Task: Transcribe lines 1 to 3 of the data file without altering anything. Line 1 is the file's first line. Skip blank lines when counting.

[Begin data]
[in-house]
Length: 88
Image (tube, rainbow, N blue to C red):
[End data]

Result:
[in-house]
Length: 88
Image (tube, rainbow, N blue to C red):